Andrew Peeke-I thought there was maybe potential for Peeke to be a top pairing guy that the US really leaned on. That never really happened, although there weren’t too many situations where the US was on their heels either. He had a nice, solid tournament on the blue line.

Joe Woll-Shook off some shakiness in the prelim rounds, which is what they are for, and after giving up a bad first goal against Russia, gave the US exactly what they needed in the money rounds.

Jake Oettinger-Didn’t have to do much, but won both times he got to see the ice. Can’t ask for much more.

Jeremy Swayman-DNP, but gets to say he won a bronze medal for the rest of his life.

Moving Down

Ryan Poehling-When Poehling was taken in the first round by Montreal last summer, the big question was how his offensive game would progress. He showed some promising signs, averaging over a point-per-game in the first half of his college season, but I didn’t see a big change in his overall skill set, and this tournament seemed to confirm it. He was still an 18-year-old in a tournament for 19-year-olds, but Poehling didn’t show much ability to create offensively. He’s still a very good player in other areas of the ice, though his defense could have been better at times, but it’s looking less likely that he’ll be a big scorer at the next level.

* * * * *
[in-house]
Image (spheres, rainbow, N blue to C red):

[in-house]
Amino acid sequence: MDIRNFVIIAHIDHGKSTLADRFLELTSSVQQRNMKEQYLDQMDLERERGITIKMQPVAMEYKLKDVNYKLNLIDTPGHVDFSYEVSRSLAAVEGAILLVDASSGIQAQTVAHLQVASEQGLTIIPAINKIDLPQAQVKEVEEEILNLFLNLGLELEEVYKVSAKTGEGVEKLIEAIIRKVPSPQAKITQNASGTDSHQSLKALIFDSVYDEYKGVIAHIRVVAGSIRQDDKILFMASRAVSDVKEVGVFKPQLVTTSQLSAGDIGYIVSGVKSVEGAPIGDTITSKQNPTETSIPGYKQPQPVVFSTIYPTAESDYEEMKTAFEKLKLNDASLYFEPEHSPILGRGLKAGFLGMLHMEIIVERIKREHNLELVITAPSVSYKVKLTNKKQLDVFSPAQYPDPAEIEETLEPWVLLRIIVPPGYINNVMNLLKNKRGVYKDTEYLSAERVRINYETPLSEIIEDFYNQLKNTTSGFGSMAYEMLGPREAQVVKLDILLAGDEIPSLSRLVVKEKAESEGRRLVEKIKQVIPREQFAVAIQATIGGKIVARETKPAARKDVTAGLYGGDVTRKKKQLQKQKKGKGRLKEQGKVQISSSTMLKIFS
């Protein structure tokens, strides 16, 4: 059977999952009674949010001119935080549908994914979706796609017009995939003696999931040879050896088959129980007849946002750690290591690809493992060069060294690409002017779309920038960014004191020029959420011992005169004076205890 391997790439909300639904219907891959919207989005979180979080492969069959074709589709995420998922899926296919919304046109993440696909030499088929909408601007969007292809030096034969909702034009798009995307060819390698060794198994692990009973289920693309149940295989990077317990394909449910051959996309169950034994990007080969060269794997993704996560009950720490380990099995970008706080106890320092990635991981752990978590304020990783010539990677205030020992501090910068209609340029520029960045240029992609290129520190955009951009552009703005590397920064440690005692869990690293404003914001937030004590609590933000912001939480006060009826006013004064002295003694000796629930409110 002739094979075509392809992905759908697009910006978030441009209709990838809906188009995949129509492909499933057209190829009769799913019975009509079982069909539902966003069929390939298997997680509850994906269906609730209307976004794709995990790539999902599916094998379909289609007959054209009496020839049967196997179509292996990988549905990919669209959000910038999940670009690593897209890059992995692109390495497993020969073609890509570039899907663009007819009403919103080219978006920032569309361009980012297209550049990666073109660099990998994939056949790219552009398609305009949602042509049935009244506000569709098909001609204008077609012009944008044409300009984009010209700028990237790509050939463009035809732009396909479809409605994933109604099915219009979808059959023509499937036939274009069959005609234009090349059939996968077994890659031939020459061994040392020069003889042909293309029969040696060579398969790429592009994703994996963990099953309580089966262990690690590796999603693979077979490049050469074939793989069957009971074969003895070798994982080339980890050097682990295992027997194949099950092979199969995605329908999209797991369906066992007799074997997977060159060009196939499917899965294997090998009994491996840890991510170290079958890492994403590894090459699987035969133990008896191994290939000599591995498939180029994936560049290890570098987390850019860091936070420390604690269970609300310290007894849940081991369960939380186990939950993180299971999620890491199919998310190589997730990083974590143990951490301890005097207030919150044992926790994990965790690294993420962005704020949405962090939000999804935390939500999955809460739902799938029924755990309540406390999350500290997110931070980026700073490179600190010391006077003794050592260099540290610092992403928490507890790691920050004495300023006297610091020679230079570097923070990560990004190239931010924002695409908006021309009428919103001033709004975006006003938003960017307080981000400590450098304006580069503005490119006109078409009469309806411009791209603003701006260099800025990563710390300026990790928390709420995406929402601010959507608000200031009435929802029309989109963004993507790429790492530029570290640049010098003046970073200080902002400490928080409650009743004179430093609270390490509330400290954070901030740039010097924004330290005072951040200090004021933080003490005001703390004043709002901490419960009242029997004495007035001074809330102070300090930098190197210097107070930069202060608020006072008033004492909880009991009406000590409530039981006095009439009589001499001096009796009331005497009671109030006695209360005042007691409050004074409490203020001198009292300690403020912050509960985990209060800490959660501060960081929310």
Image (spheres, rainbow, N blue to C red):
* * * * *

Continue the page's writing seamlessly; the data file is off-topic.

Riley Tufte-I left this tournament with the same feeling I have nearly every time I see Tufte. He showed some flashes of brilliance, but it’s never quite enough to leave you feeling satisfied. Tufte was a project when he was selected, and has shown steady improvement, but it’s starting to get to the point where you’d like to see results a little faster.

Kailer Yamamoto-Generally I think having NHL experience coming into this tournament is a bit over-rated, and Yamamoto finished with a decent scoring line, including a big goal against Russia. But I can’t help but feel he could have played a bigger role here. If the problem was that the US didn’t score enough goals, and the first line did score enough goals, the second line is the next place you look.